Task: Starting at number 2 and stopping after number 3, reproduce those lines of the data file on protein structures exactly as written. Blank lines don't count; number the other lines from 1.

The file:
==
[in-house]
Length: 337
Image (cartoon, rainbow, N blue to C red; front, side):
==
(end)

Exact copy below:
Length: 337
Image (cartoon, rainbow, N blue to C red; front, side):